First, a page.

Comparison of copper disc and copper wafer polishing processes in terms of their kinetic, tribological, and thermal characteristics

Zhonglin Li, Paul Lefevre, Isamu Koshiyama, Katsuyoshi Ina, Duane Boning, Ara Philipossian

Research output: Contribution to journalArticle

8 Scopus citations

Abstract

Coefficients of friction, removal rate, and pad temperature analysis were used to compare chemical-mechanical polishing processes involving two substrates, copper discs and copper-deposited wafers with different grain sizes and degrees of flatness (i.e., concave or convex). The average coefficient of friction and the total mechanical energy of the processes (as measured by the spectral attributes of the raw frictional force) were higher for the copper-deposited wafers. This result is believed to be due to differences in the extent of convexity of the two types of substrates and the shapes of their bevels. Pad temperature transients as well as material removal rates were also slightly higher for the copper wafers, suggesting a thermally dependent removal mechanism. Grain sizes associated with the copper-deposited wafers used in this paper were larger compared to those of the copper discs. Grains are thought to have complex interactions with the chemical as well as mechanical attributes of the process, based on the fact that smaller grains led to greater chemical reaction rates, while they needed more mechanical force to abrade away. Based on these results, careful attention to copper grain size as well as deposited film and wafer geometry is recommended in experimental studies of copper polishing.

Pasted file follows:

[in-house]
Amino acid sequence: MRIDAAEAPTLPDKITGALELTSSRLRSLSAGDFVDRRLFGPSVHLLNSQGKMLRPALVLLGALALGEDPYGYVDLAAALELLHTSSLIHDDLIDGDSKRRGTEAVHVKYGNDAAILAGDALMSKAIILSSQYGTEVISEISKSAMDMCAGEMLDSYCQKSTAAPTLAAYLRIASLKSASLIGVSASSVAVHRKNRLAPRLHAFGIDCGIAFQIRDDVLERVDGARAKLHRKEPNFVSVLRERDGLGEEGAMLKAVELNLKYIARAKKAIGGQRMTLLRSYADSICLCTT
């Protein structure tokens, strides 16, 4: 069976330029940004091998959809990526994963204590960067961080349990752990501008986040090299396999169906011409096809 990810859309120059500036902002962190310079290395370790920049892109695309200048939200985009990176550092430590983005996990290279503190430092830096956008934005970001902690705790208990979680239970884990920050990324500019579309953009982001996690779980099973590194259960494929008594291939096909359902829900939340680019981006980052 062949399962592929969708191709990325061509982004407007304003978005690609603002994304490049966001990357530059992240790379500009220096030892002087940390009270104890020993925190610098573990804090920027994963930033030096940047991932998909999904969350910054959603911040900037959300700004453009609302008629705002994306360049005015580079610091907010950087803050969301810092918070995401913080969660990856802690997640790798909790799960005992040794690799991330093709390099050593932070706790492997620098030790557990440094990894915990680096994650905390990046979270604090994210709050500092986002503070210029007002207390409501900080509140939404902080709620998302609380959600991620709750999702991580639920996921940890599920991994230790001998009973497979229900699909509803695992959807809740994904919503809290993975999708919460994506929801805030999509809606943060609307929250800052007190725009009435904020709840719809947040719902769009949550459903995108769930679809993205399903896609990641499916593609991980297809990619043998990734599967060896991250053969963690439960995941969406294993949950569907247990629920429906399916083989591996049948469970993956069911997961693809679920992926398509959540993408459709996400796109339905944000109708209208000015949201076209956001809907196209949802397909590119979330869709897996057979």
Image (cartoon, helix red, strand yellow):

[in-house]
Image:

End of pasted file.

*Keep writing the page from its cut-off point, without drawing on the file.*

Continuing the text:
Original languageEnglish (US)
Pages (from-to)681-686
Number of pages6
JournalIEEE Transactions on Semiconductor Manufacturing
Volume18
Issue number4
DOIs
StatePublished - Nov 1 2005

Keywords

  • Coefficient of friction
  • Cu chemical-mechanical planarization (CMP)
  • Material removal
  • Physical properties of the substrate

ASJC Scopus subject areas

  • Electronic, Optical and Magnetic Materials
  • Condensed Matter Physics
  • Industrial and Manufacturing Engineering
  • Electrical and Electronic Engineering

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